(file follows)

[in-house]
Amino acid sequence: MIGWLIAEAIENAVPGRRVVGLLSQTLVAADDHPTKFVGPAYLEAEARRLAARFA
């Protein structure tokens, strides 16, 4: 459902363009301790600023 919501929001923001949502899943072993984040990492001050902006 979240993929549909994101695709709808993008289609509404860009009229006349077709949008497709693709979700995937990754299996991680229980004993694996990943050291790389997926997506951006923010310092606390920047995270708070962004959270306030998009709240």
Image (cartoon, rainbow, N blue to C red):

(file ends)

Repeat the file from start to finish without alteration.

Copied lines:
[in-house]
Amino acid sequence: MIGWLIAEAIENAVPGRRVVGLLSQTLVAADDHPTKFVGPAYLEAEARRLAARFA
């Protein structure tokens, strides 16, 4: 459902363009301790600023 919501929001923001949502899943072993984040990492001050902006 979240993929549909994101695709709808993008289609509404860009009229006349077709949008497709693709979700995937990754299996991680229980004993694996990943050291790389997926997506951006923010310092606390920047995270708070962004959270306030998009709240």
Image (cartoon, rainbow, N blue to C red):